book review: Remembered by Yvonne Battle-Felton



REMEMBERED by Yvonne Battle-Felton
Dialogue Books, 2019 (UK)


Well that was… underwhelming. I had been saving this book for last in my Women’s Prize longlist read through, hoping to end the list on a high, but that sure didn’t go as planned. To be honest I don’t even have a great reason for disliking Remembered as much as I did, because objectively, I think this book is perfectly fine, it’s just… not much more than that.

I have to first express my annoyance at this book’s marketing, which I’m certainly not holding against Yvonne Battle-Felton, but it was frustrating nonetheless to be expecting a book about 1910 Philadelphia and ending up with a book about US Civil War era slavery, which isn’t even mentioned in any professional summaries that I’ve read of this book. What begins as a story about an African American man driving a streetcar into a shop window quickly devolves into an extended flashback of the family’s history, and though we return briefly to 1910 a few times, that narrative thread is only really picked back up in the last 5 pages. So, just know what exactly you’re signing up for.

But the fact that this book ended up being about slavery isn’t the problem, at all, it’s just that the execution comes up short of what it’s trying to achieve. At a slim 288 pages, this book is lacking the heft needed to successfully pull off the multi-generational family saga formula. The flashbacks just zip along without landing on any kind of emotional resonance, and the newer generation’s narrative doesn’t really thematically dovetail into the backstory beyond a very bare-bones parallel. Everything about this was disjointed and poorly paced, and I didn’t find myself emotionally affected by any of it in the way I arguably should have. So while this wasn’t a great note to end on, Women’s Prize-wise, it did end up being emblematic of a large part of this list for me: a brilliant set-up whose execution felt more like a first draft than a finished novel.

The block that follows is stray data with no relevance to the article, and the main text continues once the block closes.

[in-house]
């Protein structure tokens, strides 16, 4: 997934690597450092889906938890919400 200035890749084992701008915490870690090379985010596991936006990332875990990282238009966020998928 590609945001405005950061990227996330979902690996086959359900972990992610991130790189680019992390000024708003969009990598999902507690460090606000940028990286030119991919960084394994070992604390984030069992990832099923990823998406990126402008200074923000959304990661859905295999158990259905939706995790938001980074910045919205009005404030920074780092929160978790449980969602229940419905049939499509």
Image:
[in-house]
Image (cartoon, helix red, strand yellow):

You can pick up a copy of Remembered here on Book Depository.

21 thoughts on “book review: Remembered by Yvonne Battle-Felton

    • It certainly was! I try to stay open-minded when I read so I’m very willing to be won over by a premise I hadn’t been expecting, but then the execution completely fell flat. It’s such a shame. At any rate, thanks, I hope so too!

      Liked by 1 person

  1. Totally agree – I also found this to be oddly incompetent on a line-by-line level. It’s very confusingly written, with a lot of head hopping and awkward flashbacks.

    Liked by 1 person

    • Oh absolutely – I found the dialect wildly inconsistent and I was about to mention the head hopping but just reread your comment and see you’re already on it. I really thought this might be the hidden gem of the entire list for me but it ended up being one of the worst.

      Liked by 1 person

  2. Although I really enjoyed the book, I was also frustrated to find that the book wasn’t grounded in 1910 Philadelphia. I thought it was me just being naive and even ignorant to be somewhat surprised by the slavery narrative so it’s interesting to hear that another reader felt the same!

    Liked by 1 person